This is the ghastly way a North Dakota farm boy became an American hero: While loading barley into a machine, he slipped on some ice. He tottered against a metal bar that was spinning in a blur parallel to the ground. His shirt was reeled in, then his hands. For a few seconds, his body was a human propeller, twirling head over heels. The force pried off his arms just below the shoulders and pitched the rest of him 20 feet away.
With his limbs suddenly gone, John Wayne Thompson glanced at his wounds. He staggered 100 yards to his house, turning the doorknob with his mouth. He phoned for help, punching in the numbers with a pen clenched between his teeth. Worrying what his mom might say about all the blood that was spotting the carpet, he crouched in the bathtub as he waited.
The ambulance crew found the missing arms. In a five-hour relay, 18-year-old Thompson and his appendages were taken by road and air from the farm here in Hurdsfield to a hospital in Minneapolis. He was placed in a pool of magnified light. Microsurgeons sorted among his severed parts, matching up the nerves and blood vessels and sewing them up with needles thinner than a human hair.
When the story hit the news last year, the teen-ager's reassembled body seemed to become a living monument to the true grit of the plains farmer. The soul's appetite for heroes is enormous, and this was one spunky, can-do kid. His survival instincts were equated with valor, his common sense elevated to ingenuity. Thousands wrote him. Donations topped $700,000, much of it the well-wishing yield of church bake sales and children's milk money.
A year and a half has passed since fate plucked Thompson from the Dakota grain fields. After 15 operations, he has made a remarkable recovery, impossible though it is to completely repair what a machine has torn asunder. His forearms do not rotate, and his fingers are curled into claws, rigid and unable to grasp. Some gains lie ahead. Still more surgery should open his hands. Further nerve regeneration may reawaken some touch in his fingers.
Therapy has been an apprenticeship in substitute ways to eat and dress and otherwise conquer the mundane. But oddly enough, he has found it easier to cope with the frustrations of his handicaps than with the peculiarity of his fame.
What was it the magazines called him? "Too tough to die . . . the comeback kid . . . astonishingly brave." Well, maybe he is an all-American boy, but if so, he considers himself of the beer-swigging, smart-aleck, pedal-to-metal variety and nobody who ought to be held up as an inspiration to a million families.
The fuss has had him playing against type. "Until maybe a month ago, I was trying to be the perfect kid, not drinking anymore or smoking or swearing," he said. "I felt like it was expected of me, with everyone watching every move I made. You wouldn't believe it. TV camera crews followed me around at my prom, which sucked. My graduation was a circus with all the satellite trucks.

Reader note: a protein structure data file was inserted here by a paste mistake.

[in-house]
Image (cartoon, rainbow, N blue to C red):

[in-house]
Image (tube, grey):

"Well, I want to go back to the way I used to be. Screw everybody. I like to have fun, be rude to people, be a hell-raiser. Of course, around here if you spin your tires on Main Street, they think you're a hell-raiser."
Hurdsfield has 72 people and five churches (down from six). Most everyone is somehow related to everyone else within a 50-mile radius. These days, John drives the priciest pickup hereabouts and, as always, scoffs at the speed limits. He has let his hair grow long and sports an earring. Down in Bismarck, where he attends college, he finds himself a popular ladies' man, what with the women knowing who he is and all. That's the good side of celebrity.
The bad part is all the damn gossip and jealousy. "People think I'm living the great life, that I'll never have to work. They'd love to be John Thompson because I have a lot of money and nice vehicles and I'm famous and have girlfriends. Well, if people had to spend one week going through what I go through, with all the stress, they wouldn't talk so much."
By his reckoning, all this hero and inspiration stuff is really flipped out. He has never entirely understood what the big deal was. The only life he saved was his own and, given the choices, what was so special about that?
"What was I supposed to do, just lie there?" he asked. "C'mon, I mean, what would you do?"
That morning, his parents had gone to Bismarck, 90 miles away. John, the youngest of the three Thompson children and the only one still living at home, slept late. By the time he went out, the noontime sun had moistened the skin of a January frost. His chore was to unload barley from a dump truck, using a grooved shaft--an auger--that carried grain to a bin as a conveyor belt would. A tractor engine supplied the power. Connecting the engine to the auger was a flat, 1 1/2-inch bar called a power takeoff. As the bar spun, the auger turned.
Farming is among the most dangerous of jobs; some studies show that each year an injury occurs on one in five farms. Shields are sold to fit over power takeoffs, but the safeguards get in the way when the equipment is cleaned and often break. Many farmers would just as soon do without them. That's how the Thompsons felt. How risky could it be? John and his brother Mick used to bounce their feet off the thing just passing the time.